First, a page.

Making my own watercolor palette

Watercolor palettes

Those little premade watercolor palettes were nice and economical, useful for starting my watercolor journey, testing which hues match my style, excellent for travel, and let’s not kid around, they are super cute. :D More practically, I don’t have a studio or permanent workspace at home, so I like the format of a watercolor tin.

However, there came a point when they didn’t have the colors I wanted.

I found myself popping out two or more palettes just so I could use several colors from each, and did some swapping. I also didn’t have a good range of colors to let alone use, but mix. It was just a bit frustrating. I realized maybe what I needed was a generic palette filled with colors I most often use and are versatile enough to mix new colors.

Note that compact palettes aren’t the only ways of using watercolor. Some artists prefer to use paint straight from the tube onto a separate palette, which gives the paint an already wet consistency. Others, like me, prefer to use dried pies. Whichever works best for you, this article may still help you find some excellent colors for your toolkit.

Winsor and Newton watercolor tubes

I explored some of my favorite watercolor artists’ go-to colors and read a bit on what colors would make a good beginner’s palette. I made a list and purchased my first set of watercolor tubes though Blick.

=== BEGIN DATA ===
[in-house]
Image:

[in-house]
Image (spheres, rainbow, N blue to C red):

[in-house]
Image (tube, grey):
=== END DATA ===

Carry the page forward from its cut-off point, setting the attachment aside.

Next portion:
The final list consists of Winsor & Newton Professional Watercolor Tubes, but note I’m no brand loyalist (at this point). Pick brands that meet your criteria and fit your budget! Also, note that brands may use the same color name, but may have a different pigment recipe (e.g.,: the colors will look slightly different!) Look on the back of the tubes or read the details from the manufacturer’s website if you want to compare.

The following were my choices for my first palette. I got 12 tubes of 5 ml each and they all vary in price (~ $5-9 USD) depending on the pigment.

Alizarin Crimson PR83 Cerulean Blue PB35
Cadmium Red PR108 Ultramarine Blue (Green Shade) PB29
Scarlet Lake PR188 Prussian Blue PB27
Cadmium Yellow PY35 Perylene Violet PV29
Cobalt Green PG50 Burnt Sienna PR101
Permanent Sap Green PG36 + PY110 Gold Ochre PY42

Fun fact: The most expensive was cadmium red at $8.81 USD

I thought the above was a good start, but the more I read and looked at palette guides, I found I would make the following changes:

  • Use full pans instead of half-pans. The half pans make it difficult to pick up pigment with larger brushes.
  • Add Quinacridone Magenta or Permanent Rose

Here is what the filled in pans, swatches, and tubes look like.

Self-made watercolor palette and tubes

I purchased this 24 pan watercolor tin from Amazon. When browsing, the reviews varied far and wide, and since this was on the cheaper end, I didn’t really have high expectations. It is a cute pastel pink and the brand has part of my name in it. :B The lid doesn’t close evenly, so one corner if always poking a bit higher, but I’m okay with that for the price. This tin came with 24 pans, but as you can see in the photo, I only have half of it filled at this moment.

Watercolor palette close up

Extra resources I found useful for referenceing more palettes and watercolor properties:

Written by Mee Cha who is probably twiddling her thumbs wondering what's next on the menu. Github | LinkedIn | Instagram

© 2021. Built and maintained by Mee.